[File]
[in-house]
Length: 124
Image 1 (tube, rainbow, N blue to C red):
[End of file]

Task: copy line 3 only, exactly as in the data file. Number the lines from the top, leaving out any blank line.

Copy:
Image 1 (tube, rainbow, N blue to C red):